Monday, November 5, 2012

Key Lime Pie with Homegrown Limes

Key Lime Pie doesn't exactly scream Autumn to me, but since my potted key lime tree has had a bumper crop this year, when facing a decision on what pie to bring to a recent Samhain potluck, I decided it was a good opportunity to use up these limes and make something I haven't made before.

Here are the limes I picked off my tree. The limes most Americans are used to are Persian Limes, the big green ones. Key Limes are also known as Mexican Limes, and are golf-ball sized with more aromatic flavor. They also turn yellow if you let them fully ripen on the tree! I've had my tree in a pot for several years, but I'll probably plant it in the ground soon, so it can get even bigger.

I ended up getting almost enough juice for a whole pie, only needing to top it off with less than a quarter cup of store bought lime juice. Squeezing all those little limes was a bit of a pain, though.

I based my recipe off a recipe for Easy Key Lime Pie I got off, but with some tweaks suggested by the comments, using two cans of milk instead of one, four egg yolks instead of five, and a full cup of lime juice. I was pressed for time, so I didn't make my own crust and used a store-bought one.

Key lime pie is an amazingly simple recipe, using only three ingredients in the filling: lime juice, egg yolks, and sweetened condensed milk. It was invented in Florida before refrigeration was common, hence using canned milk, eggs that were presumably freshly laid by the backyard chickens, and freshly picked limes off the local trees, all things that don't need to be refrigerated! Originally it wasn't even baked. The acid from the lime juice made the eggs set up. Today it's baked, but only for a short amount of time.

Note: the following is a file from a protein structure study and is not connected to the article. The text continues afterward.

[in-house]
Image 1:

Here is the finished pie. I only made one mistake, and that was to throw in the zest of my limes along with the juice. That made it have little chunks in it, and I think I would have liked it better if the filling was completely smooth. Next time I'll leave out the lime zest, but other than that it was very good. The filling set up perfectly, and it was nice and tart. It's the kind of dessert for people who like things like Sweet Tarts and Sour Patch Kids.

Key Lime Pie
  • 1 deep dish graham cracker crust (either homemade or store-bought)
  • 4 egg yolks
  • 2 (14 ounce cans) sweetened condensed milk
  • 1 cup key lime juice
Whisk the egg yolks, milk, and lime juice together until smooth. Pour into prepared crust. Bake at 375 degrees for 15 minutes. Chill completely before serving. Garnish with whipped cream if desired. Easy as pie!


  1. We've been keeping our key lime tree in a pot so that we can move it inside should the weather get too cold.
    How low a temperature can a key lime tree withstand?

  2. I've read conflicting things about that, but I want to try it anyway. I'll wait until spring so it gets more time to get established. My mother-in-law has a bay laurel tree she planted in the ground that she covers with a tarp when it gets too cold. I might try that as well. That will work until the tree gets too big, but maybe once it's big it can withstand colder temperatures.